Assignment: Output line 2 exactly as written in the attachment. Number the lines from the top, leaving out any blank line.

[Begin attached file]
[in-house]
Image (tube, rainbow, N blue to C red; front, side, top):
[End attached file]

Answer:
Image (tube, rainbow, N blue to C red; front, side, top):